European fishing vessels are illegally plundering African fish stocks, contributing to poverty and an ‘increase in criminal activity’, say campaign groups.
Fish catches in Europe have been declining by around two per cent a year since the early 1990s with most stocks exploited beyond sustainable levels. This has led to an increasing dependance on fish caught outside of Europe, with European waters as a whole only providing half the fish needed to meet consumer demand.
Many vessels are now travelling further afield to get their catches with around 20 per cent of all fish landed by EU fleets caught outside the EU. Consumers may be largely unaware of this because if the fish is caught by a EU vessel it can still be labelled as EU produce, even if it comes from the waters of a third country.
Some of these vessels have been discovered to be fishing in African waters - a direct violation of EU regulations - where fish stocks are a critical part of both the diets and economies of coastal communities. A delegation of fishermen from Senegal, Cape Verde and Mauritania are meeting European officials in Brussels this week to complain about the unfair competition and over-fishing.
'When we speak to fishermen in the regions, we hear often that it [invasive fishing practices] is increasing poverty and increasing the wish to migrate or find a job elsewhere', said Greenpeace EU oceans’ policy advisor, Saskia Richartz, which is organising the fishermen's visit.
This analysis was shared by the Environmental Justice Foundation; 'Our ongoing surveillance activities have identified vessels owned by companies based in the European Union operating illegally in West African waters and supplying the European seafood market. Their activities compromise the food security of coastal communities, devastate marine environments, undermine legitimate fishers and violate the new EU regulation to eliminate IUU (illegal, unreported and unregulated) fishing', says EJF's Andrew Hickman.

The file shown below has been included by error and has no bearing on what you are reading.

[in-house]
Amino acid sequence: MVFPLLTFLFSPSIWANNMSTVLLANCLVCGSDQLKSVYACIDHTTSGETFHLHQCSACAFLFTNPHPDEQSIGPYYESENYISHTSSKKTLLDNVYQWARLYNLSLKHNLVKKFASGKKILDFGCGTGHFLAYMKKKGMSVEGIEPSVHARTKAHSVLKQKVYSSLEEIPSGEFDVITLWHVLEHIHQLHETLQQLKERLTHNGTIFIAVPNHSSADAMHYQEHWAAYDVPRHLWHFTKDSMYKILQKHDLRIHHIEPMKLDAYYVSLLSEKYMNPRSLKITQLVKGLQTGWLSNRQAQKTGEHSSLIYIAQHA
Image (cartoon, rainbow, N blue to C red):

Overfishing and piracy
Campaigners from both Greenpeace and New Economics Foundation (NEF) believe the increasing decline of natural fish resources could also be indirectly fuelling crime and piracy. 'It’s no surprise that the loss of livelihoods resulting from the depletion of a national asset – fish stocks – combined with the lack of, or weak, governance structures has led to an increase of criminal activity as we’ve seen in places like Somalia,’ says the New Economics Foundation's head of environmental economics Aniol Esteban.
The EU is due to put forward proposals to reform the Common Fisheries Policy, which sets out the rules and catch quotas for individual member states, in July this year. The EU fisheries commissioner Maria Damanaki has promised to enforce a stricter regulation of conservation and fisheries laws - something campaigners say they now want to be put into action.
'The reckless disregard for rules and scientific advice by too many officials favours companies that cheat and cut corners. This wrecks the environment and discourages those fishermen that want to make a sustainable living out of the sea. The forthcoming reform of European fisheries must deliver a new rulebook that protects our oceans and ensures the sustainability of fishing,' says Richartz.
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